After 47 years on the National Mall, it looks like the annual Smithsonian Folklife Festival will be able to continue there. The popular festival's future on the Mall had been in question because of a major turf restoration project.
The new grass meant new National Park Service rules for events spanning several days or weeks like the Folklife Festival. Among the new guidelines: organizers can only set up tents, stages and equipment on the Mall's gravel walkways.
However late Monday, the Park Service said it would allow the Smithsonian to close Jefferson and Madison Drives to provide additional space for tents and other activities so they do not destroy the new grass.
Read the NPS statement in its entirety here:
The National Park Service is close to finalizing a five-year agreement with the Smithsonian Folklife Festival to ensure that the event remains on the National Mall while minimizing damage to this important cultural landscape. We are confident that with a little ingenuity and compromise, the National Park Service and the Smithsonian will be able to come up with a plan that both works for the event and protects an important cultural landscape for all to enjoy. We have worked with the organizers of the Folklife Festival to make use of hardscape and to have shorter-term activities on the grass in planning future festivals and have offered to allow the Smithsonian to close Jefferson and Madison Drives to provide additional space for tents and other activities.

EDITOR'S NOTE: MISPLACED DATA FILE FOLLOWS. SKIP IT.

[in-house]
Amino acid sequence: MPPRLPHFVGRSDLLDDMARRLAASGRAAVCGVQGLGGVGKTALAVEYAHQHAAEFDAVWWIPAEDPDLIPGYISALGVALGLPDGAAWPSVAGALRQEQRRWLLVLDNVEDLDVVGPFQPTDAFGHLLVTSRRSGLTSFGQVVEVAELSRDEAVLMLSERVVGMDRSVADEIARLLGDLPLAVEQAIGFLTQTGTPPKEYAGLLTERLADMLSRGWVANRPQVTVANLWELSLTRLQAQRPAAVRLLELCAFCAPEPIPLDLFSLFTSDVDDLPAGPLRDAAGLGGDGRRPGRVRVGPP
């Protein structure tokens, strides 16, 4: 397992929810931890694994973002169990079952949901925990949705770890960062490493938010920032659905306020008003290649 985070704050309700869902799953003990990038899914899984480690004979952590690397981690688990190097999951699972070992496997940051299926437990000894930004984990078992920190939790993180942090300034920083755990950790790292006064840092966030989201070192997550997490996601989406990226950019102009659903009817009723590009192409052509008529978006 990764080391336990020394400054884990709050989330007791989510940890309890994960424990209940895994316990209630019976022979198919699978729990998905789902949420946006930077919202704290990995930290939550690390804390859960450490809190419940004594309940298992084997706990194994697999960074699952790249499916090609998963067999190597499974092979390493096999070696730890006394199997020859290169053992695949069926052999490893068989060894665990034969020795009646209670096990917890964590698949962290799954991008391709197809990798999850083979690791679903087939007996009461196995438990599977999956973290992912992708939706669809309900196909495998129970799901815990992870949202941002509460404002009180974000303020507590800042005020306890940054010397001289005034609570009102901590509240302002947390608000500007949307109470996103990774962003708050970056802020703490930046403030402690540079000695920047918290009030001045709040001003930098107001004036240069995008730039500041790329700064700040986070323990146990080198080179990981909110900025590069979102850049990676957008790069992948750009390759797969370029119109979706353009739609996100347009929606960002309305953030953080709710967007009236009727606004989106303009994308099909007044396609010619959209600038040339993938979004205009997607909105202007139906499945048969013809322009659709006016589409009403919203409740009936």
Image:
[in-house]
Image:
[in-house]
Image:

The second phase of the restoration of the National Mall, slated to begin in August after this year's festival, will restore the panels from 7th to 12th Streets and is expected to take about 18 months. Maintaining the health of the National Mall while ensuring that it remains open and accessible as a unique public space is challenging, but we believe that our three-pronged approach of thoughtful restoration, maintenance best practices and scientific strategies for event management provides an appropriate balance. Our plan was devised with a team of experts familiar with the kinds of soil, grass, irrigation, and protection measures used on professional sports fields and other sites subject to extreme conditions.
The restoration itself was planned with events in mind. We worked with the U.S. Commission of Fine Arts and the National Capital Planning Commission to increase hardscape to the maximum extent possible to accommodate longer-term large events. The grass and soil were chosen to withstand heavy use and were tested appropriate levels of use. . But this new turf and irrigation system does require some changes in how events are planned and laid out.
The National Park Service is proud of its tradition of supporting the public's First Amendment right to assemble in the center of the nation's capital, as well hosting numerous festivals, celebrations, softball games and millions of visitors, just to name a few. And we are dedicated to continuing that tradition.
The National Mall is the place where "the constitutional rights of speech and peaceful assembly find their fullest expression." With the updated system of events management system, it will continue to be, not only for the Folklife Festival, but the many other events that use it every day of the year.